Date: 2/22/2004


This is Islam: The Taliban Banned Weather Forecasting!


Weather forecasting, banned by Taliban, makes a comeback in Afghanistan


Canadian Press

Thursday, February 19, 2004

KABUL (CP) - Afghanistan's weather office is still strewn with rubble from the day Taliban supporters sacked it and put an end to weather forecasting, a science they considered sorcery.

The main floor of the Afghanistan Meteorological Authority is filled with smashed equipment and charred sheets of paper, the remains of 100 years of weather records. In his office two floors up, Abdul Qadeer, head of the country's weather forecasting agency, explains that he is still reeling from the day in 1996 when Taliban decreed he could deliver today's weather, but not the forecast for tomorrow.

"They were allergic to the word 'prediction,' " Qadeer said of the Taliban's extreme interpretation of Islam.

"They said God only knows prediction, only God knows these things. We tried to explain that meteorology is not prediction, that it is forecast based on science. It didn't work."

The ban on weather forecasting had serious consequences. A severe drought ravaged the countryside in the late 1990s. Farmers, who account for most Afghan workers, went into each growing season blind.

In 1998, 45 people died when an Ariana Afghan Airlines flight crashed into a mountaintop en route from Kandahar to Kabul. The plane flew into an unexpected bank of cloud, rain and sleet about 15 kilometres from the capital.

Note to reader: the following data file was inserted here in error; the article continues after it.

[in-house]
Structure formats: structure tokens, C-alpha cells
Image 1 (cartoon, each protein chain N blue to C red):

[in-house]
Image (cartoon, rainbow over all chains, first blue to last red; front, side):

"They never listened to us and that was the cause of this crash, or at least part of the cause," Qadeer said.

However, weather forecasting in the country was under siege before the Taliban. During the civil war in the early 1990s, the weather agency's compound near the airport was turned into a battlefield. Spent shell casings litter the ground, along with burned-out vehicles and pockmarked buildings.

Two years after the Taliban were ousted in a U.S.-led effort, the Afghan weather centre has a long way to go.

Qadeer was able to collect new copies of Afghanistan's 100-year-old weather records which were stored by the World Meteorological Organization in Geneva.

While offices boast some new chairs still covered in plastic film, Qadeer said he has no money for cleanup, equipment or forecasters.

Even a simple Internet connection that would give him quick access to a wealth of free weather data from worldwide agencies is out of reach. Every week international delegations appear with promises of cash and other assistance.

"They promise us many things, but we are waiting," Qadeer said. "I hope the way opens soon."

The weather centre has started from scratch with centuries-old technology. The French have financed the construction of 15 simple weather stations around the country. They are basic white boxes mounted on legs about 1.5 metres off the ground. The stations are a basic tool used by weather forecasters to give uniform readings from the thermometers and barometers inside. Each station also has a rain gauge.